This is half the journal of Daking and friends’ travels in a caravan in July – August 1914, and half notes by Clare on Daking’s life and the people mentioned in the journal. Daking is the Pixie in Oxenham’s Abbey books. Quite a depressing book.

Painting Women: Victorian Women Artists (book #122)

11 February 2012

Deborah Cherry, 1993.

I’ve had this out of the library for two years now (thank goodness for online renewal) and have thought about it a lot.

In the epilogue Cherry says “Painting Women is full of local stories, snatches of conversations, glimpse out of windows and into rooms, glances beyond the frame”.

There’s something about 19th century creative women that fascinates me, perhaps especially if their work has since been forgotten in a Joanna Russ “How to suppress women’s writing” way. All that busy-ness, the detail of producing work, selling it, networking, support groups, involvement in politics, friendships, families – unreachable now.

I particularly like domestic images – interiors, women doing things, not just being painted, family life. Daily routines, stories.

I’ve scanned some of the images I particularly like below, and talked a bit about the artists, concentrating mostly on what can be found online, as a benchmark of their forgottenness. Even just poking around online you can easily find some unpleasantness about some of them (those that haven’t just totally vanished) – scurrilousness that may be factually untrue but even if not comes across as fairly misogynist.

There are varying stories here in terms of class, nationality, artistic education, career, marriage (though I have skewed towards discussed artists who married), race, how prolific these artists were, what art-related activities they did (eg teaching) and how they were thought of at the time.

Jessica Hayllar (1860-1948)

Jessica Hayllar, Finishing Touches

No Wikipedia page, and very little about her online.

I quite like House Cleaning, wch is unusual for me because of the lack of people.

Joanna Boyce (1831-61)

Joanna Boyce, Peep-Bo



Article by Pamela Gerrish Nunn. Of her death from pueperal fever, Nunn writes “Her sense of herself as an artist was undiminished to the last: ‘She made the nurse place the glass so, that she might see herself with all the paraphernalia of a sickroom about, and so be thoroughly impressed with the aspects of an invalid in a sickroom. She was evidently thinking of turning it to account in her painting'”.

Gertrude Offord (1861-1903)

Offord, Interior of the Old School of Art

The picture below, Nameless and Friendless, Cherry says is the only image of a woman artist selling her work.

Offord, Nameless and Friendless

Daughter of a surgical instrument maker in Norwich. Already describing herself as an artist by age 19 (1881 census), when she’s living with a cousin at a pub in Fulham. Ten years later (1891 census) she’s back with her parents in Norwich and described as “Art Mistress Painting etc”. 1901 census still with parents, “Art Teacher – School”. This was the Art School in Norwich.

She was particularly known as a flower painter and wrote Flowers and berries adapted for brush work, design, and freehand drawing (1903).

May be worth reading: A happy eye: a school of art in Norwich 1845-1982 – Marjorie Allthorpe-Guyton with John Stevens.

No Wikipedia page.

The Art Class.

Henrietta Ward (1832-1924)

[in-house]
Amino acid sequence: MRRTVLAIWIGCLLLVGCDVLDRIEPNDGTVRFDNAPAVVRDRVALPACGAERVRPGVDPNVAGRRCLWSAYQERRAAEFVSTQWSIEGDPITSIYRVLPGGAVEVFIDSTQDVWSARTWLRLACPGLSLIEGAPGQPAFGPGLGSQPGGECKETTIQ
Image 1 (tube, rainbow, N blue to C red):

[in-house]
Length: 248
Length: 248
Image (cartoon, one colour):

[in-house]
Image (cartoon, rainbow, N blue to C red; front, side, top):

Ward, God Save the Queen

Daughter, granddaughter, wife and mother of artists.


More detail including quotes from her memoirs here.

Mrs. E. M. Ward’s Reminiscences (1911).
Memories of Ninety Years (1924).

Chatterton, 1873. Same windows as Wallis.

Cherry says that Ward’s husband banned the children from his studio, whilst she tells anecdotes of her daughters “working beside her on the lower portions of her paintings and an account of one occasion when they rubbed out one of her paintings”.

Jane Bowkett (1837-91)

Bowkett, Preparing Tea

Bowkett, An Afternoon in the Nursery

Wife of a painter, Charles Stuart.

Very little about her online (no Wikipedia page) despite clearly prolific (as seen by image search).

In the 1861 census (age 23) she describes herself as an Artist, and is living with her parents and brothers and sisters in Poplar. Her father is an Apothecary and GP. Her 21 year-old sister Eliza is also an Artist, two of her brothers are medical students and there are another 8 younger children (total 12; there were to be 13 in all).

Some of her paintings of children are here, including a classic children-on-beach scene (someone must have done a PhD on this trope). Others here.

Colour version of “Preparing Tea”.

Thesis by Kathleen Laycock online, “Out of obscurity: the artist Jane Maria Bowkett (1837-1891)” (2006).

Laycocks writes that “By 1885, Bowkett and Stuart owned an elegant studio-house in a prime London location. An undated photograph of their studio interior reveals the trappings that were central to nineteenth-century artistic identity. Light floods in through multiple clerestory windows and through the attached glasshouse. Huge beaten platters propped upon the mantelpiece draw attention to the elegant fireplace. Above, a larger circular metal platter, surrounded by exotic looking feathers, catches the light. Pictures are displayed on easels; a stag’s head, birdcage, china cabinet, and Islamic carpets decorate the space. In the foreground, a hexagonal eastern occasional table anchors the scene.”

Laycock argues that mothers in Bowkett’s paintings are rarely fully occupied in caring for their children, with other children often shown taking on this responsibility, and often look away from their family, out towards more exciting things. She argues that Bowkett therefore celebrates women’s increasing freedoms.

Louise Jopling (1843-1933)

Jopling, Weary Waiting